one silver tissue pocketbook, value 12 d.
one leather pocket-book, value 2 d.
one base metal handkerchief slider, value 6 d.

the property of Mary Hardcastle, spinster.

[*NEARLY FORGOT to include this valuable website: check out the English Costume link, as well as the textiles, to get an impression of the items at the center of this case.]

Other than the boxes and the leather pocket book, there really is NO valuation given to the papers – the letters, poetry (did she write them? did the Gosling girls?) OH TO HAVE THESE ITEMS!!

From a 21st-century perspective, the report ends SO UBRUPTLY! Witnesses for the two prisoners were called; characters given; NOT GUILTY is the verdict passed!

And poor Mary Hardcastle? Some items recovered; others lost. And – seemingly, (given the “caught-red-handed” scenario) – no justice served.

Was the court unimpressed by the simple belongings of a mere governess to follow-through with prosecution? Was Mary Ann Hardcastle literally “robbed” a second time?

A fabulous document, attached to this case, appears online at LONDON LIVES.

hardcastle-cartwright

Beyond her name, I know nothing of Mary Ann Hardcastle; not how old she was in 1783, nor how long she was with the Goslings at this point, nor how long she stayed. The candle that illuminates her life at this moment of such stress, flickers out…

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Elizabeth Grant and Miss Ramsay

March 21, 2010 at 11:22 am (books, news, people) (, , , , , , , , , , , )

WHAT a *thrill* comes when an old book yields a new discovery — and who would have thought to find Emma’s “Miss Ramsay” in such as place as the Memoirs of a Highland Lady, a book written by Elizabeth (Grant) Smith for her grandchildren and first published by her niece Lady Strachey in 1898.

It was while reading through Emma’s diary for 1819, and finding they met a “Miss Elizabeth Grant, niece of Miss Devall” that I began to look online for Elizabeth Grant and tumbled upon the book I’ve owned (along with its sequels) for many years. Actually, I’m surprised I never consulted its index, but perhaps I thought “Highlands” and never remembered “London” enough to think, despite the time period (1800-1830s), the book at all relevant. [NB: I am NOT convinced that this Elizabeth Grant and Emma’s Miss EG are the same person.]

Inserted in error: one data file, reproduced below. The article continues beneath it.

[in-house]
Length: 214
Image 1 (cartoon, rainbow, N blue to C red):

But the wide circle of relatives and acquaintances do intersect and overlap in the most strange manner: Jane Austen and Walter Scott, just two circles that touch the Smiths and Goslings.

It was the original edition of Memoirs online that made me pull off the shelf my own copy of the “entire” memoir – and finding Mr Nattes, the artist, in the index (who, by the way, was at Suttons in 1811 and again a few years later; Emma comments on him “paying a visit” in December 1818). There, on the page discussing him was mention of Miss Ramsay! And not long after, mention of “a rich Mrs Smith, sister of the Marchioness of Northampton”! You might imagine my joyous delight:

“Mr Nattes had another pupil in whom he was much interested. He said she would never draw much nor be first rate in any art, but she was so excellent a person that he had recommended her as Governess to a family in which he taught. This was our old friend Miss Ramsay, who had come up to London to improve herself. She often came to see us, both before and after she went to live with a rich Mrs Smith, sister to the Marchioness of Northampton, with whom and her very nice daughters she lived for many years, in fact till she died, tended by them in all her failing health with all the affectionate care her good conduct merited.”

Unfortunately… Miss Ramsay still remains first-nameless. But I now know much more about her than ever imagined for a woman truly lost in the mists of time. Including, how she came to be in the Smith household.

Anyone with any information on Miss Ramsay, her mother, her brother and his wife – please let me know. In the last months of her life Miss Ramsay returns “North” — according to Elizabeth Grant the city she must return to is in or around Newcastle.

From Emma, I know that she — and Coulthard, a servant named for many years to come — sailed north on the Theodosia (captained by a Mr Jullocks, if I read and typed correctly). They leave London on Tuesday, and arrive at “Shields Harbour”:

“We had the happiness of hearing that dear Miss Ramsay arrived safe at Shields Harbour Sunday Morn:g & got to Whickham Sunday Even:g. She had borne the voyage very well till the last night which was very rough at the bar she had not suffered from sea sickness but Coulthard had.” (5 May 1819)